Gravity Trailer Excites and Terrifies

Gravity Trailer

Unless I’m mistaken, falling is a nearly universal fear. I’m not talking about what I do every time I try to eat while walking up stairs or step on a metal street grate in the rain. I’m talking about the plunge – the one that jolts us awake when our dreams toss us from the top of some place we know we shouldn’t be. I mean, I know people bungee jump, and base jump, and parachute all over all the time. But the fact remains, unless they’re suicidal, they always have that something protecting them. And to me, that’s what makes the trailer for Alfonso Cuarón’s upcoming film, Gravity, so terrifying.

Gravity’s trailer starts out calm, serene, and wraps the viewer in their own parachute as they hang over the precipice at the top of the world. Here, we meet Dr. Ryan Stone ( played by Sandra Bullock) and astronaut Matt Kowalsky (George Clooney), admiring the beauty of earth from 372 miles above its surface. They float above their shuttle, marvel at their weightlessness, and give us, the viewer, a glimpse of something we may never in our lifetimes get a chance to feel.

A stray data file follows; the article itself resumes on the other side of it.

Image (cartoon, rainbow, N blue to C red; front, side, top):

As quickly as we are introduced to this beauty, we are torn away. Disaster strikes, tearing Bullock and Clooney from their ship, and tossing them into the depths of space. Some chaos ensues, eventually ending with Bullock spinning deeper and deeper into space as she whispers “anybody, can you copy,” and then fades to black. For me, the moment in the trailer was so real, it was like my parachute failed to launch, or I had personally begun to slide down the edge of a cliff. I almost didn’t realize that I had stopped breathing while I watched these two characters spin out of control over the top of the earth, inches, in my mind, from being pulled back down the 1,964,160 feet to the surface of the earth.

Granted, I am terrified of heights and flying (and being alive overall), but there was something so tangible about the scenes I was seeing that it felt real. While effects are usually discernible regardless of how well they are executed, there was something about Sandra Bullock dangling over a hunk of metal, spinning as she desperately tries to reach her arms out to grab it that looked (to me at least) as if I were there, watching her face her death.

If the rest of the film is up to this caliber, I can foresee Gravity being a stunning film, both emotionally and visually.

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